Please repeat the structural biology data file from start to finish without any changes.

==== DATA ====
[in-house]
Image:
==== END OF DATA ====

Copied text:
[in-house]
Image: